Petit Le Mans 2021: how it started.
Photo by Jack Webster
Mazda, AER, Aston Close Season with Victory
by Jack Webster & Eddie LePine
BRASELTON, Ga., Nov. 10-13 — Motul Petit Le Mans was later than usual this year, due to schedule changes (blame COVID) and the “Grand” Le Mans (the 24 Hours) moving from June to August.
All in all, however, the rescheduled event was an outstanding race and provided a fitting end to an outstanding season of IMSA WeatherTech SportsCar Championship (IWSC) competition.
The 24th running of the 10-hour endurance classic — held at Michelin Raceway Road Atlanta — featured more night racing than usual, due to the change from Daylight Savings Time the week prior to the race. That time change meant that almost half the race would be held in darkness.
On top of that, temperatures, which would top out at under 60° during daylight hours on race day, would drop into the mid-30s by the end of the race. Due to the cold, many predicted carnage after sunset with teams trying to get new tires up to operating temperatures.
There were accidents, including one spectacular one that led to the retirement of four cars — but most of them, and their accompanying full-course yellow periods, happened during daylight hours.
The race marked the end of a class in the IWSC (GT Le Mans, or GTLM) and unfortunately the final race for a team that has become a favorite of fans from around the world — Mazda Motorsports. Mazda is pulling the plug on its DPi prototype racing program, and coming into the race week at Road Atlanta the Mazda drivers were determined to go out on a winning note.
And win they did, after coming back from three laps down in the early stages of the race.
American Jonathan Bomarito and Brits Oliver Jarvis and Harry Tincknell combined for an outstanding drive with their Mazda RT24-P DPi taking the lead with just 22 minutes remaining in the race. They scored a 3.297-second victory over the 2nd-place Whelen Engineering Cadillac DPi of Felipe Nasr, Pipo Derani and Mike Conway.
Tincknell, the man who brought car home, took advantage of Nasr’s going off-course re-entering from the pits, d what he called a “divebomb” and called the result “a Hollywood script come true.”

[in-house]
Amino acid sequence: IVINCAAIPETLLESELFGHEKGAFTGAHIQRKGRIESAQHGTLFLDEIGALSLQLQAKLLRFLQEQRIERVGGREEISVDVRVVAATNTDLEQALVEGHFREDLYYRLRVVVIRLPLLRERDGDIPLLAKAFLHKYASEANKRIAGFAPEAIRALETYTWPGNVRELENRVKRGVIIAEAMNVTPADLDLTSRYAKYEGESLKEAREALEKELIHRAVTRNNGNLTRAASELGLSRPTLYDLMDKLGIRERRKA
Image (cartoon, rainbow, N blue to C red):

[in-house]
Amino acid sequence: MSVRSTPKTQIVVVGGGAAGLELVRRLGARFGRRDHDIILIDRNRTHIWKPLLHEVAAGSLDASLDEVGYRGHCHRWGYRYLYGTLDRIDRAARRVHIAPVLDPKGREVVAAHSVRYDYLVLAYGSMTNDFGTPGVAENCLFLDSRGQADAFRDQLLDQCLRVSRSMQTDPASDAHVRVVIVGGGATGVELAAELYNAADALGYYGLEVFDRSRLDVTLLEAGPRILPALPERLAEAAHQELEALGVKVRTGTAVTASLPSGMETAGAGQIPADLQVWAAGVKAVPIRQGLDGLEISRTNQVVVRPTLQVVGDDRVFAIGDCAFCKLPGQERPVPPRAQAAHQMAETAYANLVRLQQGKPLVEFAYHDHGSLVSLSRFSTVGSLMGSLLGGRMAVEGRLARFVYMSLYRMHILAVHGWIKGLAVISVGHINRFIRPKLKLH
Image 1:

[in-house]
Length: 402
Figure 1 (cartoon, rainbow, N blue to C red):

“This is pure hard work by everyone at Mazda, Multimatic, AER,” he added, citing the chassis and engine manufacturers. “We had such a fantastic team. Sebring, Watkins Glen and now Petit Le Mans!”
Work in progress: the Heart of Racing Aston Martin heads for the win.
Photo by Colin Sword
Jarvis chimed in, “What a drive by Harry at the end there! We had a great car. We had a few issues there early on, but three laps down there and to win it!
“What a way to end the Mazda story. What a way for Harry, myself, Jonathan and the whole team to finish it off. It’s been a monumental effort and we did it. We are over the moon. We’re going to party hard tonight!”
The cool temperatures during the day under clear skies gave way to quite chilly (actually rather cold) conditions after sunset. Even with temperatures hovering around 36° at the finish of the race, there was no containing the enthusiasm of the winning teams and drivers and champagne shower celebrations were the norm on the podium.
Class win for Aston Martin
In the IWSC’s GT Daytona (GTD) class, it was another outstanding victory for the Heart of Racing team. Their Aston Martin Vantage GT3, piloted by Brit Ross Gunn, Canadian Roman De Angelis and American (and team principal) Ian James, took top honors at Petit in what is a very competitive class of IMSA racing.
The lead was swapped many times during the 10-hour race, with the Aston Martin squad finally taking a 7.857-second victory over the Pfaff Motorsports Porsche 911 GT3.R of Zacharie Robichon, Laurens Vanthoor and Lars Kern.
This was a great year for the team, as not only did Heart of Racing win its class at Petit, they also secured the season-long IWSC Sprint Cup for Aston Martin and drivers Gunn and De Angelis, as reported last issue.
James commented the outcome was “awesome.”
“What a testimony to everybody who works on this team and the great effort they did! My teammates were amazing today, and nobody was going to beat us there at the end. Ross Gunn [who drove the car across the finish line] was just on fire!
“That’s three wins for the year, one sprint championship, great position in the overall championship. Couldn’t be happier.”
And now for a very short off-season before getting underway for 2022 at Daytona for both the “Roar Before the 24” and the Rolex 24 in January.
See you there.
Top British car at the IMPC race Petit weekend was the AWA McLaren.
Photo by Jake Galstad (LAT Images)
IMPC: McLaren on Podium (Technically)
by Bruce Vild
BRASELTON, Ga., Nov. 12 — Kuno Wittmer and Odey Fidani fought their way up to 4th position in the Fox Factory 120 today after starting 17th, just missing a podium finish in their AWA McLaren 570S GT4.
But then a post-race inspection showed that the Chevrolet Camaro that crossed the finish line 3rd failed to meet the minimum weight requirement, making everyone else in the field move up one position — putting the McLaren 3rd and on the podium.
It seemed a fitting dénouement to a Michelin Pilot Challenge race where, as commentator Phil Allaway of Frontstretch put it, “much of the first half of the race was spent under yellow,” and drama followed the restarts all the way to the end.
The action (that is, the missteps) occurred mostly among the Grand Sport (GS) cars. There were spins following contact, and cars nudged off-course and into the gravel — which is what happened to two drivers vying for the lead with 26 minutes to go in the race. Eric Foss and Bill Auberlen collided in a chicane after Auberlen attempted a pass, allowing 3rd-place Jan Heylen to pass them and take the lead in his Porsche.
This would eventually lead to a win for Heylen and his Wright Motorsports team, and the GS driver championship, though a hard-charging Toyota piloted by Scott Andrews did cause some worry in the race’s final moments. Heylen’s margin of victory was a mere 0.162 seconds.